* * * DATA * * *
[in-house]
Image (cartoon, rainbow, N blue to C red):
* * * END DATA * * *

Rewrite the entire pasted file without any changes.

[in-house]
Image (cartoon, rainbow, N blue to C red):